Back in February, Wellesley was close to issuing a request for proposals (RFP) that would invite developers to submit ideas for how to reimagine the Tailby Lot (Linden Street) and Railroad Lot (Grove Street near Post Office). The reasoning put forth was that the town seeks to redevelop the lots in an effort to address its affordable and diverse housing shortage, but also to possibly increase parking and better tie together separate parts of Wellesley Square.
Now the town has released an official RFP, which says that it invites “…proposals from qualified developers to enter into one or more long-term leases to develop the Town of Wellesley Tailby (103 Linden Street) and Railroad (7 Grove Street) Commuter Parking Lots for parking and affordable and market rate housing that will be owned and operated by the selected developer(s).”
The RFP includes a history on the various efforts to rethink the space since the 1970s. Here are some of the ideas that have been floated over the years: decking over the Tailby Lot to increase its parking capacity and to accommodate housing; relocating the Wellesley Square railroad station to the vicinity of Weston Road and building a parking facility on town-owned land at that location; using the Tailby lot as part of a link between the Linden Street shopping area and Wellesley Square; co-developing the Tailby Lot for housing and parking”
The 2007 – 2017 Comprehensive plan called for focusing “efforts to create more diverse housing types and affordable housing by attracting rental developments to identified sites in Wellesley ”
Now it looks like 2018 will be the year when the town finally moves forward definitively with choosing a developer for that site. In the RFP’s list of Wellesley’s 15 preferred objectives, there are echoes of the suggestions made over the past three decades. Among them: “To creatively preserve and protect the Town interests in consistent and orderly growth within the Linden Street corridor while maintaining the character of the abutting single-family neighborhoods”; to create a mixed-use environment that includes subsidized housing inventory, enhanced and increased access to parking that serves the Linden Street and Wellesley Square areas; and to improve traffic flow.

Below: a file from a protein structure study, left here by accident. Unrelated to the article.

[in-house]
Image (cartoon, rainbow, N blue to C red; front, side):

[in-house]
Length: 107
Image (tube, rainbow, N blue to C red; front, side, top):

Given the town’s efforts to fend off 40B proposals that some feel would be too disruptive to neighborhoods, it’s not surprising that the RFP addresses this issue head-on, noting in the RFP that “…the Town seeks to take proactive efforts to guide the development of affordable housing to appropriate sites that complement the integrity of the Town’s character, while also working to meet one or more 40B certification thresholds to protect the Town from future “unfriendly” 40Bs. The development of the Tailby and Railroad lots would do just this, allowing for many beneficial objectives to meet, while reducing the likelihood of development of 40B projects that are less ideal in terms of design and location.”
One of the 40Bs the Town references is the proposed 55-unit housing project at 148 Weston Road that would include 11 rental units deemed affordable. That site eligibility was okayed by a quasi-public outfit called MassHousing that also finances such buildings. The town, however, has a long list of concerns about the Wellesley Park project, including its potential impact on traffic, the environment and character of the neighborhood, and MassHousing has instructed the developer to address such issues as it moves forward with trying to get a comprehensive permit from the town. On April 3 there will be a Zoning Board of Appeals meeting that will include that issue.
Another 40B project is proposed for Delanson Circle, off Linden St., and has raised similar concerns to those aired by the town. The fact that two such projects are in the works in relative proximity to each other has ratcheted up neighbors’ concerns. That project will also be discussed at the April 3 ZBA meeting.
The RFP is due June 1, 2018 at noon, and a site visit for this RFP will be held on April 9, 2018 at 10am at the entrance to the Railroad Commuter Parking Lot.
Once the RFPs are in the Board of Selectmen will review them and make recommendations.